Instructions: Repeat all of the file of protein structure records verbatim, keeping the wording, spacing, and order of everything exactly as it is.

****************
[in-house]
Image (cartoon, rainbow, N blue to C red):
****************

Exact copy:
[in-house]
Image (cartoon, rainbow, N blue to C red):